Monday, June 3, 2013 | 9:10 a.m.
Gov. Brian Sandoval’s plan to prolong tax increases imposed in 2011 has gained approval of a key Senate Committee.
The bill, passed by the Senate Finance Committee, also includes a tax break for small businesses. In addition, the committee set aside $50 million over the next two years for programs for English language learners.
Joyce Haldeman of the Clark County School District said the district would receive about 80 percent of the money. The district serves a large number of students who do not speak English as their first language, including a large Hispanic population.
Two years ago, the Legislature imposed an excise tax on business and levied taxes on transient lodging and sales tax. It also required mining companies to pay their net proceeds tax in advance.
Those taxes were due to expire in July this year. Retaining them is a key part of the budget, and the bill to extend them is expected to clear both houses by the end of the session. The deadline for closing the session is midnight Monday.
The 2011 tax levied a 1.17 percent tax on total wages paid by business each calendar quarter that exceed $62,000. Sandoval proposed that the tax be continued but that it be paid on businesses whose wages exceeded $85,000.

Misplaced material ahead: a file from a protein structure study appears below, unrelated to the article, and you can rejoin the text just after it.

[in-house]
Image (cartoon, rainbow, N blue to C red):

Also extended for another two years would be a 0.35 percent increase in the sales tax to support schools.
This is part of the total financial package that is being passed Monday on the final day of the Legislature.
The committee also approved the pay bill for the state’s unclassified or executive employees. The highest paid employee will be Tracey Green, the chief medical officer, who will oversee both the health and mental health programs.
She will earn a maximum of $215,809. Her boss Mike Willden, director of the state Department of Health and Human Services will be paid $127,721, the same as most other department directors.
The governor’s office, the Nevada Supreme Court and the Legislature sets the salaries of their employees outside the pay set in the unclassified bill.
The Legislature has decided to restore the 2.5 percent cut imposed four years ago on regular state workers. But it retained the requirement the workers must take six days a year of unpaid leave.
Committee Chairwoman Debbie Smith, D-Sparks, said she hoped there could be a further restoration of benefits to state workers in the future.
Sen. Ben Kieckhefer, R-Reno, said the restoration still “doesn’t make up the hole” the state workers were put in four years ago when the state faced an economic downtown and cut many programs.